A free brochure now available from Schneider Electric details lighting control requirements within the Leadership in Energy and Environmental Design (LEED®) Green Building Rating System™, and lighting control’s energy and cost-savings potential in the certification process. The brochure, titled “Lighting control solutions for LEED certification,” is geared to commercial building facility managers, including those in industrial, retail, healthcare and education settings, and is available online.
“This new brochure is a great resource because it not only highlights lighting control options available from Schneider Electric to assist facility managers with their LEED certification process, but it also outlines the specific components of the LEED rating system,” said Scott Jordan, product manager, Schneider Electric Installation Systems & Control. “Schneider Electric has been designing, manufacturing and supporting results-driven lighting control for more than 20 years, a track record unmatched in the industry. We have the expertise to understand a customer’s LEED project goals and can recommend the right solution set to meet those goals. This brochure is a great starting point.”
The LEED Green Building Rating System, administered by the U.S. Green Building Council, defines common standards of measurement for efficient use of resources within five types of buildings: new constructions, existing buildings, commercial interiors, K-12 schools, and building core and shell. LEED is a points-based system with four certification levels — Certified, Silver, Gold and Platinum — awarded based on total points earned. Points are awarded in the categories of Sustainable Site; Water Efficiency; Energy & Atmosphere; Material & Resources; Indoor Environment Quality; Innovation in Design; and Regional Priority.
The new brochure identifies how Schneider Electric lighting control solutions can contribute to the accrual of LEED certification points in several of those categories, including:
Sustainable Site — Lighting control from Schneider Electric can be applied to reduce light pollution by lowering light levels, operating shades and blinds, and switching lights automatically to adjust to sunset and sunrise schedules.
Energy & Atmosphere — Lighting control can be leveraged to reduce energy consumption and peak demand to optimize energy performance, while seamlessly integrating a building’s lighting control and electrical metering functions for system-level metering. Schneider Electric also provides a wide variety of enhanced commissioning services, including initial design consultation, project management, start-up and ongoing system monitoring, to ensure its lighting control solutions are delivering maximum energy savings and performance.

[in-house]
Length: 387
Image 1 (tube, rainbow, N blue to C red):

Indoor Environment Quality — Controllability of systems and lighting by building occupants is available from Schneider Electric for everything from individual offices to large open spaces to entire buildings. Daylight and views can be maximized by controllable window treatments, operated in conjunction with daylight harvesting and time-based scheduling.
Innovation in Design — Credits are available to design teams for performance beyond those set by the LEED Green Building Rating System, and good examples include use of innovative Schneider Electric lighting control and power monitoring systems.
“There are many ways to alter general building operations to gain LEED certification, but lighting control is essential because it involves many of the categories within the certification process,” Jordan said. “Lighting is one of the largest contributors to energy waste in buildings, and Schneider Electric has tools to help facility managers find the right solution based on need, size and LEED certification level being pursued.”
For more information about Schneider Electric, visit www.squaredlightingcontrol.com.